On January 20th, the long-awaited film chronicling the life of McDonald’s executive and predominant establisher, Ray Kroc, will hit theatres nationwide. While “The Founder” is bound to have audiences walking away with some new facts (and perhaps a fair bit of fiction) about Kroc’s extraordinary life before, during and after he turned a humble group of burger joints into a fast-food empire, they’re likely to walk away missing another important part of the McDonald’s legacy: the role Kroc’s third wife, Joan, played in the innovation of alcoholism treatment. Upon closer examination, however, they will find that the relationship between addiction and McDonald’s transcends the apparent inability of many to resist Big Macs.
Ray Kroc, himself, had a problem with alcohol, providing Joan some first-hand experience in dealing with the disease. After his death, she became a dedicated benefactor to a number of philanthropic causes, including National Public Radio, the Salvation Army, the San Diego Hospice Corporation and many more. She was also politically active and a strong advocate for nuclear disarmament. In 1997, she donated $15 million to the citizens of Grand Forks, North Dakota and East Grand Forks, Minnesota after a flood devastated the area. Over time, Joan would come to be known as much for her charity as her link to the fast food franchise that made it all possible.
Joan’s breakthrough philanthropic endeavor, however, came in 1976, when she bankrolled Operation Cork, an initiative aimed at informing doctors, nurses and other healthcare professionals about the dangers of alcoholism. At the time, as highlighted in a 1978 New York Times article, alcoholism was not a subject anyone wanted to fund, discuss or even acknowledge (notice how the writer of the piece freely uses the word “drunks” to describe alcoholics). Operation Cork represented one of the earliest efforts to study alcohol addiction as an actual disease. In its first two years, it gave Dartmouth Medical School $800,000 (roughly $3 million today) to develop a model curriculum in the study of alcoholism and alcohol misuse.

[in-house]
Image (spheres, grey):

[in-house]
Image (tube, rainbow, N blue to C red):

Operation Cork also pioneered family outreach, and focused mainly on loved ones of alcoholics who were affected by the disease. Joan recognized the ripple-effect that alcoholism has on families and, during the Times interview, stated that: “For each alcoholic in a family, four or five family members are being severely affected. We want to show them what they can do, and how they can get help.” Operation Cork was also a firm backer of Al-Anon, which Joan often called the “best-kept secret in America” and Ala-Teen, an organization that continues to council teenage family members and loved ones of alcoholics.
Joan Kroc died in 2003, nearly 20 years after her husband, and her legacy of giving continues to benefit countless people. While her efforts may often be overshadowed by Ray’s larger-than-life business accomplishments (and matching persona), anyone who has ever felt the stinging and suffocating impact of alcoholism in their lives has her to thank for furthering the conversation and working toward solutions to a problem that continues to plague millions.